‘Hope For The Future’ was originally released earlier this year as part of the soundtrack to the hugely popular video game Destiny. But next Tuesday, the song will be available for audiences around the world through Concord Music/Hear Music/MPL. This song, which McCartney crafted himself, is arguably one of the best new singles of 2014. And it definitely gives its own * ahem* hope for the future of McCartney’s career for however long he chooses to keep making music. One way in which that it does this is through the song’s lyrical content. McCartney writes in this song, “We will build bridges/Up to the sky/Heavenly light surrounding you and I/From out of the darkness/Our future will come/If we leave the past behind/We’ll fly beyond the sun/We’ll be together/Sharing the load/Watching in wonder/As our lives unfold.” Such positive lyrical content could not be more welcome especially in consideration of all of the conflict around the world. McCartney’s line referencing leaving the past behind could not be more fitting for America considering the recent reports of civil unrest and racial tensions raised thanks to recent police actions. He goes on to write in the song’s chorus, “Hope shines brightest/In the dark/Where nothing’s ever seen/Lighting undiscovered places/No one’s ever been.” He hammers home the point that a positive outcome is possible despite all of this unrest and tensions he writes, “Hope for the future/It will belong to us/If we believe/If we believe.” Such positive and–for lack of better wording–hopeful lyrics are welcome and much needed especially in the current state of the world. It’s just one way in which ‘Hope For The Future’ proves to be such an outstanding new work from Paul McCartney.

The lyrical content infused into ‘Hope For The Future’ is itself an important part of the song’s whole. It provides a positive, glimmering light among all of the darkness created by the conflict and tensions around the world. The lyrics are themselves quite positive. The music against which the lyrics are set add even more depth and impact to the song. McCartney was backed by a full orchestra in the recording of the song. That means that every part that audiences hear is the real thing. From the gentle cello line that opens the song to the power of the low brass against McCartney’s own guitar line, and the soaring strings, the arrangement in whole adds so much depth and emotion to the song. Set against the song’s lyrical side, it makes them even more impactful. The end result is again, a song that proves to be one of this year’s best new singles and a song that gives plenty of hope for McCartney’s own musical future.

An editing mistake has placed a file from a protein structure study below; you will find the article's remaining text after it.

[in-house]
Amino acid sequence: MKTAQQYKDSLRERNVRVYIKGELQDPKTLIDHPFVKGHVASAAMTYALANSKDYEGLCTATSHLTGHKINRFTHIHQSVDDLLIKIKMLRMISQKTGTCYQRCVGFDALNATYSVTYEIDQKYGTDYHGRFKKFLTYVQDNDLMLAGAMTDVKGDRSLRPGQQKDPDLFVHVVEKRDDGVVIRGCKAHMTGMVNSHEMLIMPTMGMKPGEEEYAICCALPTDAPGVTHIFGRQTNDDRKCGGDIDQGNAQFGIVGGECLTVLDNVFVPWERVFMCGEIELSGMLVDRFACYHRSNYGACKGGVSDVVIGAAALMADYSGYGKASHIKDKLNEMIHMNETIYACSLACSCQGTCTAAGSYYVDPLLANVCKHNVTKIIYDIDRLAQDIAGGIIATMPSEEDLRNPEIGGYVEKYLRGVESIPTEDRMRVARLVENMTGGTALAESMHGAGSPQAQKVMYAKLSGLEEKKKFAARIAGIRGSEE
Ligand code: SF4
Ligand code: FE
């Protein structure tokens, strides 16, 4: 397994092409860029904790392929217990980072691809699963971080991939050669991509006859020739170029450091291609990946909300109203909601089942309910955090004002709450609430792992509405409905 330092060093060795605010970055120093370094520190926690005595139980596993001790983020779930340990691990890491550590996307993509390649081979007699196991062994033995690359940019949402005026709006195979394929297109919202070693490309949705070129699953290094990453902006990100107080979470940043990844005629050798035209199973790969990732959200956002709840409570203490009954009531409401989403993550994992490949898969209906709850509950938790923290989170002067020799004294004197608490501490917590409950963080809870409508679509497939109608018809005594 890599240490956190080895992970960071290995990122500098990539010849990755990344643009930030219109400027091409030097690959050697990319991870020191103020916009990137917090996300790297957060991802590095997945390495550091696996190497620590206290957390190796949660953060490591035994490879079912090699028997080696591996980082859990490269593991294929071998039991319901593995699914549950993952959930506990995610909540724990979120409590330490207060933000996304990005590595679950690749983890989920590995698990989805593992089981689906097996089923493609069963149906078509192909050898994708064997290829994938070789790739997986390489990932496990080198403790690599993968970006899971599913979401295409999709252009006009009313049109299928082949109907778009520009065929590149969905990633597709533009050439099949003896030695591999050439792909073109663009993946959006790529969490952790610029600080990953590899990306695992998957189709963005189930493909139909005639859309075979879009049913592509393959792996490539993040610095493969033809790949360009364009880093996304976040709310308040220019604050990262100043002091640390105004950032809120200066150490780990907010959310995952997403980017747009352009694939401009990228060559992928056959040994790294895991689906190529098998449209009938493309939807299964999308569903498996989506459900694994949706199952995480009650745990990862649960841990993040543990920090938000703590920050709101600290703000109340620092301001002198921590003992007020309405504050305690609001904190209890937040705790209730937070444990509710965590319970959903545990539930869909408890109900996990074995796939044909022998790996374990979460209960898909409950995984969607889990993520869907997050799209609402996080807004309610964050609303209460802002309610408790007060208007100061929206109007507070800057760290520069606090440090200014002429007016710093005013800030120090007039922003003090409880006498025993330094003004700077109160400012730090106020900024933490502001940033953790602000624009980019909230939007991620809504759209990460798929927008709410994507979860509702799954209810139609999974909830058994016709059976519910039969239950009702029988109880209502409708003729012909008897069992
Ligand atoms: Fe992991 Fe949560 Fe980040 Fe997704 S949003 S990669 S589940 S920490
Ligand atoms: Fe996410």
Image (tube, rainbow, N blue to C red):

The music and lyrics that make up ‘Hope For The Future’ collectively make this song a piece that audiences will enjoy whether listening to it as part of Destiny’s soundtrack or by itself. As impressive as the music and lyrics are, they would be nothing without the work of producers Mark “Spike” Stent and Giles Martin. Martin, many might not know, is the son of legendary producer George Martin, who produced a number of The Beatles’ greatest albums decades ago. George’s ear for music was obviously passed down to Giles, as audiences will hear here. He and Stent balanced McCartney’s musicianship with the talents of the 120-member (yes, 120) orchestra. Whether it be the accents of the cymbal rolls, the punch of the low brass against McCartney’s own guitar line, or the crescendos and decrescendos of the strings, Martin and Stent obviously went to painstaking efforts to make every part of the song have the utmost emotional impact. They accomplished this goal quite well, too. Audiences will agree with that sentiment when they hear the song for themselves. What’s more, audiences will agree in hearing ‘Hope For The Future’ that this song itself is one of the best new singles of 2014. And it gives great hope for McCartney’s career for however long he intends to keep making music.

Whether it be for the production work of Giles Martin and Mark Stent, the song’s musical side, or its lyrical side, all three factors prove to be equally important in the success and enjoyment of ‘Hope For The Future.’ The original mix itself is more than enough reason to pick up this single or download it. McCartney and the people at Concord Music, Hear Music, and MPL have made things even more interesting for audiences by including four remixes, one of which is a rather interesting EDM remix. Whether it be any of those remixes or the original, every listener will find something to like about ‘Hope For The Future.’ With any luck, all of the different mixes together will change the minds of even those that have decried the song and make them agree that this is without a doubt, one of the great new singles of 2014.

‘Hope For The Future’ will be available Monday, December 8th. More information on how to purchase and download the single and on McCartney’s upcoming tour dates and news, is available online at:




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Harpers’ New LP Will Take Listeners Back To Their Own Childhood Home

Courtesy:  Stax/Concord Music Group/Prestige Folklore